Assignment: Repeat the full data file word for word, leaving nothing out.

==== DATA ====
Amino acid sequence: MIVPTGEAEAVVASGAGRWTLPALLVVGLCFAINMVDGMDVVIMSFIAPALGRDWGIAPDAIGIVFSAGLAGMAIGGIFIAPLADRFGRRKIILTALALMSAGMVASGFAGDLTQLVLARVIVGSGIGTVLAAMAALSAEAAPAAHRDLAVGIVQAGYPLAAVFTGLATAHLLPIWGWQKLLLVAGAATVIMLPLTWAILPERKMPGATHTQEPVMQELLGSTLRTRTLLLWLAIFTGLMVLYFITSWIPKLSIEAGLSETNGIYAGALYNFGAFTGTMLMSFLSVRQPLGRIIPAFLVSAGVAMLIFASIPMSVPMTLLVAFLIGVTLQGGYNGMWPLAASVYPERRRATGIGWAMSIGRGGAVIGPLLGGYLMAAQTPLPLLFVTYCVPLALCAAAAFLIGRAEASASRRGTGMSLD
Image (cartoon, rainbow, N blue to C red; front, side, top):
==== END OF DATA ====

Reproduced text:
Amino acid sequence: MIVPTGEAEAVVASGAGRWTLPALLVVGLCFAINMVDGMDVVIMSFIAPALGRDWGIAPDAIGIVFSAGLAGMAIGGIFIAPLADRFGRRKIILTALALMSAGMVASGFAGDLTQLVLARVIVGSGIGTVLAAMAALSAEAAPAAHRDLAVGIVQAGYPLAAVFTGLATAHLLPIWGWQKLLLVAGAATVIMLPLTWAILPERKMPGATHTQEPVMQELLGSTLRTRTLLLWLAIFTGLMVLYFITSWIPKLSIEAGLSETNGIYAGALYNFGAFTGTMLMSFLSVRQPLGRIIPAFLVSAGVAMLIFASIPMSVPMTLLVAFLIGVTLQGGYNGMWPLAASVYPERRRATGIGWAMSIGRGGAVIGPLLGGYLMAAQTPLPLLFVTYCVPLALCAAAAFLIGRAEASASRRGTGMSLD
Image (cartoon, rainbow, N blue to C red; front, side, top):